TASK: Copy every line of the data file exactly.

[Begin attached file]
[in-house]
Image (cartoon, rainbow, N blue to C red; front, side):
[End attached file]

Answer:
[in-house]
Image (cartoon, rainbow, N blue to C red; front, side):